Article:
Another installment in our series of posts where Texas Tree Surgeons answers your tree questions. Are you having problems with your trees and want to know what’s wrong? Let us know! [POST HAS BEEN UPDATED TO REFLECT RESULTS OF LAB SUBMISSION] Dear Texas Tree Surgeons, My Chinese pistaches are looking terrible! The leaves are yellowing, the berries are black, and it looks like it’s dying. What’s going on? -A.B. For many years, the Chinese pistache (Pistacia chinensis) has been well-regarded as a landscape shade tree for urban environments in Texas. Although native to China, this species of pistache (related to the nut-bearing pistachio tree) can thrive in a variety of conditions. The Chinese pistache is a fast grower and is resistant to heat, drought, and alkaline soil, all common in North Texas. Like the native red oak, the Chinese pistache is a reliable source of fall color. The dark red berries that female Chinese pistaches produce are not only striking, but can attract birds and other wildlife. For many builders and landscapers, the Chinese pistache is a go-to choice. This year, however, we have been seeing unprecedented dieback and wilting of leaves and berries in Chinese pistaches. Entire trees are exhibiting leaf spotting and extensive browning. Similar to the browning present in Italian cypresses the past two years, it seems that the Chinese pistache dieback is caused by a fungus. And much like the Italian cypress issues, there may not be much that can be done at this point.
Water, Water EverywhereRecent wet weather, combined with poor drainage in clay soils, creates a “wet feet” situation in trees, where their roots are inundated with too much moisture. Trees that are not suited to wet soils are not able to regulate the high moisture level in their roots effectively. The roots then become susceptible to pests, especially fungi, which thrive in damp, poorly-drained soil. As the tree root tissue becomes waterlogged, the fungi are able to gain a foothold in the roots and begin infecting the tree internally. Eventually, the tree’s vascular system itself becomes the mechanism by which the fungal spores are spread throughout the branches, leaves, and fruit. The fungus disrupts cell function in the above-ground parts of the tree, just as it did in the roots.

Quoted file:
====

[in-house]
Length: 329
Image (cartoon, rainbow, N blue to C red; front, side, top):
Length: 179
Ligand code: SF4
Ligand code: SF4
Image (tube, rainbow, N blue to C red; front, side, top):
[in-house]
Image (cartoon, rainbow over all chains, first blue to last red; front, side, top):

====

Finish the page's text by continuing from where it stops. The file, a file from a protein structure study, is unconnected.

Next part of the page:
What Can We Do About It?Unfortunately, there is often little that can be done to improve overall drainage in clay soil. Still, there are some things that tree owners can do to give their trees the best chance:
- Select native species that are well-adjusted to the North Texas climate
- When planting, do not plant too deep, and follow good mulching practices
- For established trees, do not overplant the area near the root collar and inside the drip line with turf grass or other groundcover
- Consider root collar excavation (Airspading) for trees that were planted too deep
- Vertical mulching and soil aeration can help break up heavy clay and compacted ground
- Stop watering and turn off sprinkler systems during periods of heavy rain